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Animation basics: The optical illusion of motion - TED-Ed

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How do animators make still images come to life? Are the images really moving, or are they merely an optical illusion? TED-Ed takes you behind the scenes to reveal the secret of motion in movies.

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Additional Resources for you to Explore
Cool interactive presentation of Wertheimer's Beta & Phi perceptual illusions, as described in "Experimental Studies on the Seeing of Motion" (1912)
"The Photoplay: A Psychological Study" (1916) by Hugo Münsterberg (pdf)

"The Myth of Persistence of Vision Revisited" by Joseph and Barbara Anderson, from Journal of Film and Video vol. 45 no. 1 (Spring 1993): 3-12. Here's a paper outlining the chronic misdiagnosis of the physiology involved in the perception of apparent motion over the years:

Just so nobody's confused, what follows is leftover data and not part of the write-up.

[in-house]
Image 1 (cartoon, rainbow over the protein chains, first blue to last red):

"Time and the Brain (or, What's Happening in the Eagleman Lab)" Neuroscientist David Eagleman discusses his research into the mechanisms of time perception.

"Animation in Palaeolithic art: a pre-echo of cinema" from Antiquity Vol. 86 No. 332 (2012): 316-324. Paleolithic researchers Marc Azéma1 & Florent Rivére describe their discoveries of sequential cave-art and thaumatropes (spinning disk animations) dating from the Paleolithic Age. Here's a YouTube video accompanying the article and link to paper (behind a paywall).

"Prehistoric cinema: A silver screen on the cave wall" by Catherine Brahic. Link to pdf file of article on the above findings from New Scientist #2896/97, 22-29 Dec 2012
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TED-Ed Original lessons feature the words and ideas of educators brought to life by professional animators. Are you an educator or animator interested in creating a TED-Ed original? Nominate yourself here »

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